Strong Pitt County Women: The Legacy of Rutha Dennis

by Maria Blais O’Laughlin

At the dawn of a new year, there are resolutions.  There are resolutions to lose weight, resolutions to save more, resolutions to live more simply.  New challenges to face, new adventures to enjoy. We’ve looked back at the previous year, made our decisions for change and detailed plans, and now we turn our faces to the horizon, looking forward.

We ask ourselves if we have the strength to carry out our plans. For, make no mistake – any resolution, be it small and personal or sweeping and epic – takes strength to achieve. Strength of character, strength of vision, strength of determination. An entire cottage industry is dedicated to building inner strength, and January is its biggest sales month.  Motivational calendars, books, and recordings will be available EVERYWHERE, convincing you that while you might not have what it takes on your own, you can get it with the help of several experts.  While I will concede that we all can use some help and guidance here and there, I firmly believe that the women of Pitt County are inherently strong.  

But, what if, when reviewing our 2018… we didn’t look back far enough?  What if the past has more lessons for us, more motivational stories, more examples of the kind of strength we’ll need to achieve all these new goals? What if I were to tell you that Pitt County women have ALWAYS been strong?

Rutha Dennis was strong. She was described as a tall and broad woman, a farm hand from near Ayden who in her young womanhood “could easily lift a barrel of turpentine and put it on a cart”.   Rutha was born in 1824, and by 1860, her parents having passed away several years earlier, was living with her older sister Martha and much younger siblings Jack Ann and Skilton.

The only boy and the baby of the family, Skilton was born when Rutha was seventeen. In 1862, the 21-year-old enlisted in the army,  and by June of 1864 found himself in a hospital near Richmond, smack in the middle of a smallpox outbreak. Word reached home to his sisters, and Rutha began to walk.

Rutha Dennis walked from Ayden, North Carolina to Richmond, Virginia, and upon arrival at the makeshift hospital, approached a guard and asked for her brother.  The guard assured her that Skilton was indeed there, but that she could not be admitted without a pass.  Sliding a large, gleaming knife from the pocket of her coarse homespun skirt, Rutha replied, “If Skilton Dennis is in there, I’m going in if I have to wade through knee deep blood.” Not surprisingly, she was admitted without delay.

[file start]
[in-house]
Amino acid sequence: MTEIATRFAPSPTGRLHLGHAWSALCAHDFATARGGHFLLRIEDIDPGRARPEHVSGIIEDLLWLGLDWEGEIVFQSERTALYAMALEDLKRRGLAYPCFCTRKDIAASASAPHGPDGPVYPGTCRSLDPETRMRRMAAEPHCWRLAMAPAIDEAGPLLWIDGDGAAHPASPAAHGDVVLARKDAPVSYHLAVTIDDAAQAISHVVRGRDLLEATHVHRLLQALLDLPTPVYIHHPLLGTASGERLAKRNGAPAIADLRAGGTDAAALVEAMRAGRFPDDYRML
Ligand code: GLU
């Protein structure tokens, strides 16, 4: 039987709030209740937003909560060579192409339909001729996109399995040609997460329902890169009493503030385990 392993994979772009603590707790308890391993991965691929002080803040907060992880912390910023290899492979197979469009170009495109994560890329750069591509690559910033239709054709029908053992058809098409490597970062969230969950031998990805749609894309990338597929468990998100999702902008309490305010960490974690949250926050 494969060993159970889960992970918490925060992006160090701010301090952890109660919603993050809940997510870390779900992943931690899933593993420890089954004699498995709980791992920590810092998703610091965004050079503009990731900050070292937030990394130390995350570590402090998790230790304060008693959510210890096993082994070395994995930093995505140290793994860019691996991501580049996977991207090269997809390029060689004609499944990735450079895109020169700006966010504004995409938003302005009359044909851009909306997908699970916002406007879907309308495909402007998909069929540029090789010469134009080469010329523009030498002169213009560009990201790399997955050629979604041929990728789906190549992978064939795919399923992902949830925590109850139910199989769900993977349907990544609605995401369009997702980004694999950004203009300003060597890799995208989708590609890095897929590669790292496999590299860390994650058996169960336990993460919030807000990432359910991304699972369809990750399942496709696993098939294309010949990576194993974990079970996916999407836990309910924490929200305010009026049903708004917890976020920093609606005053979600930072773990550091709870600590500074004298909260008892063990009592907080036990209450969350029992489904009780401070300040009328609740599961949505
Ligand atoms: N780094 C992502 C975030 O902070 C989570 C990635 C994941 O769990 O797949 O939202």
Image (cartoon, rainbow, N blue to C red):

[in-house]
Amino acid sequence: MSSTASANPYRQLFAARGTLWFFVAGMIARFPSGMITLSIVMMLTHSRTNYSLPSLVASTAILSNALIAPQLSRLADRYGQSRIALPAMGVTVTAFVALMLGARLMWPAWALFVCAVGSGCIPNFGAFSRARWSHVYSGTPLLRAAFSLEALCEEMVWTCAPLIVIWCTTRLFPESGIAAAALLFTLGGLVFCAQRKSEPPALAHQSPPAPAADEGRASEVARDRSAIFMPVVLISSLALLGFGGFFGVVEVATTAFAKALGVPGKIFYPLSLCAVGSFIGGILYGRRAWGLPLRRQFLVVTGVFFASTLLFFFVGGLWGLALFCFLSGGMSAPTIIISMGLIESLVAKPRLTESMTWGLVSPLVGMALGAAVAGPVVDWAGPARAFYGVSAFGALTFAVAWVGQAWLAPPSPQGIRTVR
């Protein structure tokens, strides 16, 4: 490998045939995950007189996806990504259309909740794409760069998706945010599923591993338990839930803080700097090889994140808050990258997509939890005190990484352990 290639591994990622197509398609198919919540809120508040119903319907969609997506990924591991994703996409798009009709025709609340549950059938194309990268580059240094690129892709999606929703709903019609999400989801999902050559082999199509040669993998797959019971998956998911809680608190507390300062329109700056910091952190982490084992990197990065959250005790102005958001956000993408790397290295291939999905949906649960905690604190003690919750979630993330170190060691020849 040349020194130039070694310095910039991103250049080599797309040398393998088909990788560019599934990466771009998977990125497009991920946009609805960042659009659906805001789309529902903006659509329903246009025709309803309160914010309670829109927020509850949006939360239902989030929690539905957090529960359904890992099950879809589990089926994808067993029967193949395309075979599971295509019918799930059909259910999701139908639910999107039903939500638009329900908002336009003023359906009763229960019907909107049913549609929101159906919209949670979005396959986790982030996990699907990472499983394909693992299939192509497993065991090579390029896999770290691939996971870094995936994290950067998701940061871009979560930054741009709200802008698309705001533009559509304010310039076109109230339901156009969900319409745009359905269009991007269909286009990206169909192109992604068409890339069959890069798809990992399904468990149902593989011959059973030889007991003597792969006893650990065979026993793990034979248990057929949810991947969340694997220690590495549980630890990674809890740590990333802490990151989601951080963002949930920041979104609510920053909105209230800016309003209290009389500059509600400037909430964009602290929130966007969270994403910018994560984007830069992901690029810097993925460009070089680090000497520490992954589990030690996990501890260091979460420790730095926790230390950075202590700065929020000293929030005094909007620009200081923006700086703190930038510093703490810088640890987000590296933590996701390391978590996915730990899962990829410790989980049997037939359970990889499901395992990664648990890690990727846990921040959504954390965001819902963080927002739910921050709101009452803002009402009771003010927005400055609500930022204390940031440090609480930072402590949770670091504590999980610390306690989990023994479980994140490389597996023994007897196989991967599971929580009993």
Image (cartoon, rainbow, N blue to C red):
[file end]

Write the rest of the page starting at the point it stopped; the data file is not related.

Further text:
Conditions in the hospital were dire, and were exacerbated by the general scarcity of food, clothing and basic necessities by the end of the war.  Undaunted, Rutha stayed for weeks, tirelessly tending to the sick; nursing those who might recover and shrouding those who had passed on.  When her baby brother was considered well enough to travel, she walked right out the front door of the hospital with him and brought him home to Ayden.  The records show Skilton as “absent without leave” from September of 1864.  My bet is that no officer was willing to stand up to Rutha!

Skilton would go on to marry twice and leave eight children to sire the Dennis line that still prospers in Pitt County.  While Rutha never married, she lived to the ripe old age of 80 and was beloved by all who knew her. While she may have had a gruff and imposing exterior, Rutha was the embodiment of strength and compassion inside.

This tale of Rutha Dennis has been shared frequently through the years.  The guard at the hospital, Mr. Irvin, told the story to a Mr. Amos Joyner, who in turn told his sister, Mrs. Charles McArthur.  Amos’ sister wrote an article about Rutha which appeared in The Daily Reflector on 4 January 1941.  In 2001, Mr. Roger Kammerer submitted the article to the Pitt County Genealogical Quarterly, where I stumbled upon it online.

So, this year, as you tackle your resolutions? Think of Rutha. When you face hard times or experience unexpected emergencies? Think of Rutha.  Kids all have the flu at once? Think of Rutha.  Call it gumption, resolve, fortitude or strength – set your mind to the goal, and stay the course.  And remember that, just as Rutha Dennis was a strong Pitt County woman…so are we all.

For more information about the services of Maria O’Laughlin, professional genealogist and owner of Family Fondue Genealogy,
call 757-755-7900, email Maria@FamilyFondue.com, or visit
the website at www.FamilyFondue.com. Whether it’s historical information or personal family history, Maria is equipped with
the right skills to assist you.

 
McArthur, Mrs. Charles, “Recites Heroic Incidents of the Civil War Days”, The Daily Reflector, 4 Jan 1941, Greenville, NC; submitted by Kammerer, R. as “Rutha Dennis Remembered” and reprinted in the Pitt County Genealogical Quarterly, Feb 2001, p 10, Pitt County North Carolina; image, Digital NC (http://www.digitalnc.org ) accessed 6 Dec 2018 
1860 U.S. Census, Pitt County, North Carolina, population schedule, Greenville, p 182 (written), dwelling 1488, family 1448, Martha, Rutha, JA and Skilton Dennis; image, Ancestry.com (http://www.ancestry.com) accessed 6 December 2018; citing NARA microfilm publication M653, roll 910. 
US, Civil War Soldier Records and Profiles, 1861-1865; Skelton Dennis, Company E, NC 55th Infantry Regiment; image, Ancestry.com (http://www.ancestry.com ) accessed 6 December 2018.

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